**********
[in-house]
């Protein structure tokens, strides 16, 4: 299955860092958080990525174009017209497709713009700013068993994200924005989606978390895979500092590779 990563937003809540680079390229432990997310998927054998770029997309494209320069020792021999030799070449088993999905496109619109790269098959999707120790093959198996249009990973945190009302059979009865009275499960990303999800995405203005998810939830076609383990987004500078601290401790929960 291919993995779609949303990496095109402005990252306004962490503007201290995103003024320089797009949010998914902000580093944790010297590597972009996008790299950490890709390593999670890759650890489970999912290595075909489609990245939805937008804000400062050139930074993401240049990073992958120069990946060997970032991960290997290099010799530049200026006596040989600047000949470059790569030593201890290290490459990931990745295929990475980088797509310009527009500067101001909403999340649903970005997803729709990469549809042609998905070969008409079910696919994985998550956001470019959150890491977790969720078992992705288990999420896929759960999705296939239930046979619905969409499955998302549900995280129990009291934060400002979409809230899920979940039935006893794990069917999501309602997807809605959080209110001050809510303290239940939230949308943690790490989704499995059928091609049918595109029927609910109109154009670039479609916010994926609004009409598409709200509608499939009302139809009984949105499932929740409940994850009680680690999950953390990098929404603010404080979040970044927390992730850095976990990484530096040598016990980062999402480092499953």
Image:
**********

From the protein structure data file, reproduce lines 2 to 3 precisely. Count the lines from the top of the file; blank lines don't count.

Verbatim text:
């Protein structure tokens, strides 16, 4: 299955860092958080990525174009017209497709713009700013068993994200924005989606978390895979500092590779 990563937003809540680079390229432990997310998927054998770029997309494209320069020792021999030799070449088993999905496109619109790269098959999707120790093959198996249009990973945190009302059979009865009275499960990303999800995405203005998810939830076609383990987004500078601290401790929960 291919993995779609949303990496095109402005990252306004962490503007201290995103003024320089797009949010998914902000580093944790010297590597972009996008790299950490890709390593999670890759650890489970999912290595075909489609990245939805937008804000400062050139930074993401240049990073992958120069990946060997970032991960290997290099010799530049200026006596040989600047000949470059790569030593201890290290490459990931990745295929990475980088797509310009527009500067101001909403999340649903970005997803729709990469549809042609998905070969008409079910696919994985998550956001470019959150890491977790969720078992992705288990999420896929759960999705296939239930046979619905969409499955998302549900995280129990009291934060400002979409809230899920979940039935006893794990069917999501309602997807809605959080209110001050809510303290239940939230949308943690790490989704499995059928091609049918595109029927609910109109154009670039479609916010994926609004009409598409709200509608499939009302139809009984949105499932929740409940994850009680680690999950953390990098929404603010404080979040970044927390992730850095976990990484530096040598016990980062999402480092499953």
Image: